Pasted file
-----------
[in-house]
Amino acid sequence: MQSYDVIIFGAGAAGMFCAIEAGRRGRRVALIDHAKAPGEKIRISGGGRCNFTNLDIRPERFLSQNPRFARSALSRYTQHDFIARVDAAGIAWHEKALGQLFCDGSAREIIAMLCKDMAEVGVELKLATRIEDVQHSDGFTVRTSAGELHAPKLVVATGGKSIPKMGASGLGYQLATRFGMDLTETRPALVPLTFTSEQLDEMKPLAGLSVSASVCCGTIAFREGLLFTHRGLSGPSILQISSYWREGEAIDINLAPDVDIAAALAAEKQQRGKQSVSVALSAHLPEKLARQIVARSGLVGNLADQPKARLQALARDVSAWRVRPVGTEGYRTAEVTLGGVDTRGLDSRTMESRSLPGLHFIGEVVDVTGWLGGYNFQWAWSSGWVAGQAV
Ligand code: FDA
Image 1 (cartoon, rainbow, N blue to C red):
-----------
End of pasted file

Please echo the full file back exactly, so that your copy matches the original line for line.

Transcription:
[in-house]
Amino acid sequence: MQSYDVIIFGAGAAGMFCAIEAGRRGRRVALIDHAKAPGEKIRISGGGRCNFTNLDIRPERFLSQNPRFARSALSRYTQHDFIARVDAAGIAWHEKALGQLFCDGSAREIIAMLCKDMAEVGVELKLATRIEDVQHSDGFTVRTSAGELHAPKLVVATGGKSIPKMGASGLGYQLATRFGMDLTETRPALVPLTFTSEQLDEMKPLAGLSVSASVCCGTIAFREGLLFTHRGLSGPSILQISSYWREGEAIDINLAPDVDIAAALAAEKQQRGKQSVSVALSAHLPEKLARQIVARSGLVGNLADQPKARLQALARDVSAWRVRPVGTEGYRTAEVTLGGVDTRGLDSRTMESRSLPGLHFIGEVVDVTGWLGGYNFQWAWSSGWVAGQAV
Ligand code: FDA
Image 1 (cartoon, rainbow, N blue to C red):